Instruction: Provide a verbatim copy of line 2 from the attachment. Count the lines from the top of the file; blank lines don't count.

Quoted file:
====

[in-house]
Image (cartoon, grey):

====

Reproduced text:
Image (cartoon, grey):